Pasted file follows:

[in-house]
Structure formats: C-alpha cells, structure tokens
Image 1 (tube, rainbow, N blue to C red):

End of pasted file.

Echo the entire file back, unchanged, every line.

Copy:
[in-house]
Structure formats: C-alpha cells, structure tokens
Image 1 (tube, rainbow, N blue to C red):